One summer’s day in the mid-1860′s, a young French boy named Joseph Pujol had a frightening experience at the seashore. Swimming out alone, he held his breath and dove underwater. Suddenly an icy cold feeling penetrated his gut. Frightened, he ran ashore, but then received a second shock when he noticed seawater streaming from his anus. The boy didn’t know it at the time, but this unsettling experience foretold of a gift that would later make him the toast of Paris and one of the most popular and successful performers of his generation.

Soon he discovered that by contracting his abdomen muscles, he could intentionally take up as much water as he liked and eject it in a powerful stream. Demonstrating this ability back at the barracks later provided the soldiers with no end of amusement, and soon Pujol started to practice with air instead of water, giving him the ability to produce a variety of sounds. It was in the army, that Pujol invented a nickname for himself that would later become a stage name synonymous throughout Europe: “Le Petomane” (translation: “The Fartiste”).

In 1892 Pujol became a headliner at The Moulin Rouge. Pujol dressed formally andpresented his routine with an unrelentingly deadpan delivery. He performed imitations, using the simple format of announcing and then demonstrating. He displayed his wide sonic range with tenor, baritone, and bass fart sounds. He imitated the farts of a little girl, a mother-in-law, a bride on her wedding night (tiny), the same bride the day after (loud), and a mason (dry– “no cement”). He imitated thunder, cannons and even the sound of a dressmaker tearing two yards of calico (a full 10-second rip). After the imitations, Le Petomane popped backstage to put one end of a yard-long rubber tube into his anus. He returned and smoked a cigarette from this tube, after which he used it to play a couple of tunes on a song flute. For his finale he removed the rubber tube, blew out some of the gas-jet footlights from a safe distance away, and then led the audience in a rousing sing-along.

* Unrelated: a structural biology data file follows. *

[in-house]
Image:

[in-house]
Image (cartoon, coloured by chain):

Eventually a series of legal battles between Pujol and Moulin Rouge led to his leaving to start his own Theatre Pompadour. The new Theatre Pompadour included mime and magic and other acts performed by Pujol’s family and performer friends. Le Petomane continued to be an enormous draw until around 1900, when the interest of the show-going public began to wane. When World War I began, four of Pujol’s sons went off to fight and the theater had to close down. One son was taken prisoner and two of the others became invalids, and Pujol was so shattered that after the war he had no interest in returning to his performing career. The family moved back to Marseille where Pujol ran several bakeries and a biscuit factory with his wife, children and grandchildren until his death in 1945.